Master's in Economics Programs in Chicago, Illinois
This article compares economic master's degree programs from universities in Chicago, Illinois. A diverse range of programs throughout the Windy City offers graduate students the chance to pursue their unique professional and academic goals.
University of Illinois at Chicago
The University of Illinois at Chicago offers an MA in Economics, an MA in Applied Economics, and an MBA (Master of Business Administration) with a concentration in economics. Students can choose to either write a thesis or take extra coursework to complete their degree.
Roosevelt University prides itself in their commitment to introduce students to a wide-variety of disparate economic theories. To this end, students in the Master of Arts in Economics program study marxist, Post Keynesian, feminist, and eclectic approaches alongside more traditional Keynesian and Neoclassical points of view.
University of Chicago
The University of Chicago offers a two-year Master of Arts Program in Social Science (MAPPS) with a concentration in Economics. The university offers a variety of workshops to support student studies, including workshops in applied economics, econometrics, family economics, money and banking, political economy, microeconomics, macroeconomics and international economics, and public policy economics.
The 48 credit hour Master of Science in Economics and Policy Analysis at DePaul University emphasizes both economic theory and data analysis skills. Admitted students have the chance to earn academic credit for a 12-16 week research fellowship at a business, government agency or nonprofit institution in Chicago or another city.
Loyola University, Chicago
Loyola University offers an MBA with an emphasis in economics. Students supplement business management courses with electives in business fluctuations, game theory, international business economics, derivative securities, applied econometrics, or an independent study in economics.
Illinois Institute of Technology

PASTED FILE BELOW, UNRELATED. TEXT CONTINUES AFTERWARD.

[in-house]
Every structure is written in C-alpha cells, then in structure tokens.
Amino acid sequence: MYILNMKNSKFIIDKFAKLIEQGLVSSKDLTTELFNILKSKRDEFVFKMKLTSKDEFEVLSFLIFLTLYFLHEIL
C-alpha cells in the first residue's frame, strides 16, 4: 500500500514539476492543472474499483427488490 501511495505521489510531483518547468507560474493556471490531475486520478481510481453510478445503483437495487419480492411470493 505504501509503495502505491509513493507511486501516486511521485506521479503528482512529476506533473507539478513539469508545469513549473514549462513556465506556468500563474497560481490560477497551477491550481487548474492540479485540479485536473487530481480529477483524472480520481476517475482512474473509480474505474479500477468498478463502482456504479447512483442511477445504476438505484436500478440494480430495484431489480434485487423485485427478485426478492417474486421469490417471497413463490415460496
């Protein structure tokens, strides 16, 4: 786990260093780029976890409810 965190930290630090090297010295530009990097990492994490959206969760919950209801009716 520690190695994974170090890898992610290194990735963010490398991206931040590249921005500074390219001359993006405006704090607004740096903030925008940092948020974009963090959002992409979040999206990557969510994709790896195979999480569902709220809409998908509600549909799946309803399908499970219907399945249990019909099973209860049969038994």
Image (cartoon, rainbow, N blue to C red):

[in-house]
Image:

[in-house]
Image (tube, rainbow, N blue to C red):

The Illinois Institute of Technology offers a 33-credit hour Master of Science in Finance with a concentration in financial econometrics. The two-course concentration instructs students in how to analyze financial time series using a variety of models and delves into the dynamic linear model of econometrics.
|University||Programs Offered||Tuition for Academic Year (2018-2019)*|
|University of Illinois, Chicago||Master of Arts in Economics|
Master of Science in Economics
MBA with a concentration in economics
|Roosevelt University||Master of Arts in Economics||$20,153|
|University of Chicago||Master of Arts in Social Science (with a concentration in economics)||$57,759|
|DePaul University||Master of Science in Economic and Policy Analysis||$19,032|
|Loyola University of Chicago||MBA (with a concentration in economics)||$18,594|
|Illinois Tech||Master of Science in Finance||$29,328|
Earning a Master's Degree in Economics in Chicago
Master's of economics degree programs entail a balance of core coursework (in economic analysis and theory) and electives (classes that students choose to match their research and career interests). In some cases, students can use their elective credits to specialize in one specific area of economics. Common core classes include:
Macroeconomic theory classes explore theories of economic growth in the long-term. After reviewing classical economics theories, students may begin to apply these theories to modern problems like stabilizing aggregate demand, analyzing unemployment and inflation, and understanding economic growth. Courses may cover the effects of economic institutions and government policies on large-scale economic growth.
In this course students review the basic concepts of microeconomic theory, like consumer behavior, general equilibrium, production and costs, resource allocation, welfare, and determination of price. Students may study related theories like game theory and decision-making under uncertainty. In addition, students often practice using mathematical tools to analyze microeconomic problems.
In econometrics classes students learn how to apply their growing mathematical took-kit to solve economic puzzles. This class may include technical skills, like learning how to use computer applications for statistical techniques like regression analysis. Topics may also include simultaneous equations, alternative estimators, multivariate linear regression, error component models, and how to test both static and dynamic models.
Admissions Requirements for an Economics Master's Degree in Chicago, IL
Applicants must have an undergraduate degree. While their bachelor's degree does not necessarily need to be in economics, universities may expect applicants to have completed undergraduate coursework in basic economics, statistics, and calculus. Some programs have minimum GRE test scores and GPA requirements. Applicants must send in their undergraduate transcripts, letters of recommendation from previous professors, and a statement of purpose essay.
Chicago is one of the biggest financial centers of the nation. The Windy City has a lot to offer students who apply to one of the many available economics master's degree programs.